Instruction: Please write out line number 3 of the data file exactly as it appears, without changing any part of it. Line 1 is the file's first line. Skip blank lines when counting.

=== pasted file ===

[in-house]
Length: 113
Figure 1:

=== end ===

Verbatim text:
Figure 1: